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Cloud Computing Evolution May 10, 2012

Posted by mattpassini in Cloud Computing.

Cloud computing has been at the forefront of media attention for quite some time, and it shows no signs of diminishing.  A few of the hottest arguments in the tech world focus around what is cloud computing, is it something new, and does it deserve all the hype?

In order to understand the situation and properly analyze the arguments, one must first understand a bit of computing history.  About 50 years ago in the Mainframe era, dummy terminals would connect to a centralized mainframe, where the actual computation and storage took place.  The dummy terminals were simply an access point where an end-user would utilize software on the local machine to request the mainframe to process and/or return data to be displayed back on the local machine.  Fast forward to the Personal Computing age, where each computer had enough physical resources to handle local computing and storage.  Applications were installed locally on each PC, where the vast majority of computation and storage would take place.  The Internet era came next, where the entire idea was to access data that is stored on servers placed throughout the world via a public network called the Internet.  As broadband access to the Internet increased, so too did its everyday capabilities.  High-speed connections between browsers and public facing servers allowed the browser to request the server to process and transmit large amounts of data back to the PC, very much like the mainframe to dummy terminal days.  Not too long ago, the smartphone and mobile device boom created a parallel era – the Mobile Device era.  Mobile devices did not have the ubiquitous access to a broadband internet connection, thus requiring local native applications to create a better user experience than Internet hosted applications.  However, today we are nearing a relatively pervasive high-speed wireless internet connection.  Is the Mobile Device era simply morphing its way in to the Internet era, or, perhaps, are we entering a completely new era?

Steve Jobs said we are in a Post-PC era, others argue we are still in the Internet era, but I prefer to say we are in a pervasive Cloud Computing era.  For perhaps the first time, the change was not brought to light by one single technology, yet the culmination of all technologies.  Cloud computing requires three main components, an end-user device, a network connection (public or private), and a remote computing environment.  In this instance, a remote computing environment is any piece of hardware that is processing or storing data.  While this is nearly the same architecture of the Mainframe era, the significant difference is that each one of those three components can be independently interchanged.  For instance, your smartphone can automatically detect when you are entering a grocery store, use the cellular network to connect to an internet hosted grocery list application that pings your refrigerator at home via your home broadband connection to update its inventory online, and then alert you to the new additions.  The entire process utilizes the entire gamut of past eras; different devices, local native apps, various private and public networks, and internet hosted application, data storage, and processing.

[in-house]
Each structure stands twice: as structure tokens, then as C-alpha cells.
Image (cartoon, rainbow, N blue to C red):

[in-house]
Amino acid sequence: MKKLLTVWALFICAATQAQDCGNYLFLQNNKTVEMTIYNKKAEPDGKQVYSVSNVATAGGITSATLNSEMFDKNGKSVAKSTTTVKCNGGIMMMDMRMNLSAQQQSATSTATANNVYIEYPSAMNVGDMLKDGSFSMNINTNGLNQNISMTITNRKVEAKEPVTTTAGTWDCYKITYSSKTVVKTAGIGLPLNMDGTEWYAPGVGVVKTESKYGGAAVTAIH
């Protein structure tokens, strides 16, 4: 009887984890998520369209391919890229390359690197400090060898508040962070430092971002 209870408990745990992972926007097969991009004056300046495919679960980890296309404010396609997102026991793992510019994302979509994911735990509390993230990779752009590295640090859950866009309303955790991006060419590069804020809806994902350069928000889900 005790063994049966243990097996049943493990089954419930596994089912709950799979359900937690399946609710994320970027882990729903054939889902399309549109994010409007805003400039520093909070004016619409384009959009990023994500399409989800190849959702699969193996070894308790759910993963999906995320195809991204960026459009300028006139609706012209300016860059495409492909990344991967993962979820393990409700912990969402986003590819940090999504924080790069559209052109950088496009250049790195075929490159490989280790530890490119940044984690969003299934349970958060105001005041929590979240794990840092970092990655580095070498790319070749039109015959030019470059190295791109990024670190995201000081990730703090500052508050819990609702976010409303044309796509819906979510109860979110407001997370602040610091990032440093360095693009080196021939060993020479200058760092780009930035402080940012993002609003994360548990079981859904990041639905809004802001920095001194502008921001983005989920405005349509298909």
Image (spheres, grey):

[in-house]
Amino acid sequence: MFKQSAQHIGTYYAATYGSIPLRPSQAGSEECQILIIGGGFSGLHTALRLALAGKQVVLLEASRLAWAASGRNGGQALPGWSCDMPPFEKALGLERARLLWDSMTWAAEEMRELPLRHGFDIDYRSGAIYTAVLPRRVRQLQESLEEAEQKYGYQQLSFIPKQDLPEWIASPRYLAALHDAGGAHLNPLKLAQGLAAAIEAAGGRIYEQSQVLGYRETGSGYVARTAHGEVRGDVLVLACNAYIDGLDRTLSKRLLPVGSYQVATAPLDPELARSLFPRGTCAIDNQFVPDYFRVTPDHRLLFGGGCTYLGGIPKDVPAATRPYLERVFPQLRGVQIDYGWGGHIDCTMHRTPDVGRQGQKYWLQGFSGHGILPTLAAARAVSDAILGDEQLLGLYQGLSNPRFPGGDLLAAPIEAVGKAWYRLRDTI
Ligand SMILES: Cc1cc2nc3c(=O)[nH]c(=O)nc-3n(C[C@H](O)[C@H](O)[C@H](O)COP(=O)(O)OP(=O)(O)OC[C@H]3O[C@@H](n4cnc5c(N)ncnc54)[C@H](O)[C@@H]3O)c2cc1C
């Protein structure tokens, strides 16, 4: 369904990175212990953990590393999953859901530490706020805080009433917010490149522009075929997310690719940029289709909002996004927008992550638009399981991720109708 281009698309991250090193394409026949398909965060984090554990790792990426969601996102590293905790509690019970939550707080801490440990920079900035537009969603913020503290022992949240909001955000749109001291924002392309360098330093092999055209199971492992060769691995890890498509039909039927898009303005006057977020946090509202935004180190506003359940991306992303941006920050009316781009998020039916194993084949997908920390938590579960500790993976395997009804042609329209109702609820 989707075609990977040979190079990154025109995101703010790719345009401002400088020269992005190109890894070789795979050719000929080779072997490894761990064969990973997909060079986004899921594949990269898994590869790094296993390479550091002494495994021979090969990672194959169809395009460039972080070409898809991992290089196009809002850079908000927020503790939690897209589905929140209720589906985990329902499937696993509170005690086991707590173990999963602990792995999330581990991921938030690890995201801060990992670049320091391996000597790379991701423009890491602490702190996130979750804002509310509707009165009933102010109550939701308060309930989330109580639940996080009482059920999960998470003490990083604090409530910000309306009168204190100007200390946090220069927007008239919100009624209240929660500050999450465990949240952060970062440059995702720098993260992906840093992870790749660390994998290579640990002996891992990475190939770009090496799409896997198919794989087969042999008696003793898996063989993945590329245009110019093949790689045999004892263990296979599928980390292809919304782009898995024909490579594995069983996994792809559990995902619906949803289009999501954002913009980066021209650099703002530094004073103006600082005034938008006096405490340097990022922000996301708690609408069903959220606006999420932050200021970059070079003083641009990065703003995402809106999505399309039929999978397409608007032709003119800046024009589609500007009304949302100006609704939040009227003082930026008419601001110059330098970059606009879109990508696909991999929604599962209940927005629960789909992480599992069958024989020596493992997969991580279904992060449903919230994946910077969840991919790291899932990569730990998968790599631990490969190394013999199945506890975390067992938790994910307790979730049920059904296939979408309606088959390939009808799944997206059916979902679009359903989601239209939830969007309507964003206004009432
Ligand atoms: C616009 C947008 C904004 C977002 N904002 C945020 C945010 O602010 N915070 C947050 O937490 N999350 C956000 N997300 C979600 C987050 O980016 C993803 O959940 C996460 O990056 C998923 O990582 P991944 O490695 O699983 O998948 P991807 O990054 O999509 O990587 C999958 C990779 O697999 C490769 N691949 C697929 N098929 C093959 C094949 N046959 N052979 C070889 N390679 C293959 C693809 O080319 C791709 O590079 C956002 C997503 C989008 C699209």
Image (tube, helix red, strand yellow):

So Cloud Computing requires a device, a connection, and remote computing, but what exactly is it?  To define it in its most abstract and succinct terms, it is the remote hosting, processing, and/or storage of data.  What has evolved is the technical details behind the scenes.  Three main categories make up these advances: Software as a Service (SaaS), Platform as a Service (PaaS), and Infrastructure as a Service (IaaS).  Most users are most familiar with SaaS, it is essentially an application that runs online instead of on a local device.  An example of this would be Google Docs, which hosts different document types online and allows you to view, edit, and collaborate by connecting to the hosted application via a browser.  PaaS provides a platform for developers to program on and host the application in a specialized environment that provides advanced features such as pay-as-you-go and transparent scalability.  Lastly, IaaS, which could also be referred to as Hardware as a Service, as it provides the customer with a completely outsourced IT infrastructure, allows for companies to have pay-as-you-go access to top of the line hardware resources.

Computing as a whole has continually evolved era to era.  At a very high level, cloud computing is very similar to mainframe computing.  However, this abstraction purposefully leaves out the technical advances made in recent years.  As these technologies have matured and more companies enter the field, the media attention and marketing has skyrocketed.  By definition, cloud computing has become a buzzword.  Yet, there is no doubting its continual advances and numerous benefits.  With relatively new technologies such as Hadoop, MapReduce, redundant arrays of cloud storage, and advanced virtualization techniques, recent changes have proven it is not just a renamed version of mainframe computing, but a truly evolved and sophisticated computing infrastructure still in its infancy.



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